Spending in DIY stores was up 11.9 per cent, whereas garden centre spending grew 20.2 per cent.
Barclaycard said: "Britain's booming housing market, helped by the Government’s Help to Buy scheme, has led to record levels of spending on DIY and in garden centres over the past two years.
DIY outlets saw annual spending grow 14 per cent in the first quarter of this year and garden centres enjoying growth of 22 per cent over the same period."
However, data strongly suggests that consumers remain cautious and continue to search for value in every shopping trip they make, pushing down average transaction values by five per cent in the year to April.
Meanwhile the latest footfall figures from Ipsos Retail Performance confirm the UK retail market benefitted from stronger demand in April.
Ipsos' Retail Traffic Index (RTI), which is derived from the number of individual shoppers entering over 4,000 non-food retail stores across the UK, rose by 8.4 per cent in April on March and 1.8 per cent year-on-year on April 2013.
The biggest rise was felt across South West England and Wales.
Ipsos Retail Performance director Dr Tim Denison said: "To our surprise, footfall over the Easter fortnight fell back by 1.6 per cent on the equivalent period last year. The DIY and Garden Centre sector, however, saw very strong results, benefiting from a late Easter and good weather."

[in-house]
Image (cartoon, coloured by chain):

"The double digit growth (13.2 per cent) on the 2013 fortnight will have certainly put a spring in the step of these retailers, helped also by the strengthening housing market, giving assurance that home improvements are a worthwhile investment once again."
Finally the British Retail Consortium and KPMG have reported that UK retail sales were up 4.2 per cent on a like-for-like basis from April 2013, when they had decreased 2.2 per cent on the preceding year.
On a total basis, sales were up 5.7 per cent, against a 0.6 per cent fall in April 2013. Growth was positively distorted by the timing of Easter.
BRC director general Helen Dickinson said: "Retail sales growth for the twelve months to April showed a healthy increase of 2.8 per cent compared to the twelve months to April 2013. There are now clear signs that the retail economy is expanding as retailers offer great new products and competitive prices to consumers who are still watching their spending very closely.
"As anticipated, the Easter break introduced a positive distortion into the April 2014 comparable figures (as the holiday fell in March in 2013) and so April sales were up by 5.7 per cent. However what we can say for certain, is that customers responded well to great deals and good ranges in children’s clothes, DIY products and furniture, although volumes of food sales did not rise significantly.
"As the Online Retail Sales Monitor shows, customers took advantage of the holidays to visit and buy their products in stores, which is a useful reminder that people still very much enjoy the great experience of shopping in store as well as online."